The point salad nature of the game makes it difficult to really tell who's ahead, and what things are worth, especially with lower experienced players.

Final Thoughts

This is a game that requires practice. The first game or two, you'll feel more like your struggling to survive rather than playing to win. The game becomes much more rewarding with multiple plays, and I would recommend it for players that really like to explore games in depth.

8 out of 10


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Was George Orwell an Optimist?
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if your intention is to write more reviews, I'd recommend you put more thought into the titles. "Agricola review" is entirely redundant - it's posted in the Reviews forum for Agricola, both of which would be self evident even if you used "Peanut Butter Sandwich" for the title.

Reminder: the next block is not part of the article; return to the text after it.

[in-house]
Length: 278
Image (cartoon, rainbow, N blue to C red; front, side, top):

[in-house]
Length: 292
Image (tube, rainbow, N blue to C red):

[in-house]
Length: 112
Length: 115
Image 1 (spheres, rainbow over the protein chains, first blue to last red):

(It would be easy to change the title of this one to something useful, if you choose to do so. Simply click 'edit' for the review itself and change the title there.)
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Geoff Burkman
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You might also reconsider categorizing the game as a "point salad." It really isn't.
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Thanks for the review. I own the family edition and have been pondering upgrading (I have the mobile app but am unsure if the physical version would get played in my group). As someone who only recently got into Agricola, I appreciate the fresh take and impressions of the old version.
 
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Patrick Dettmar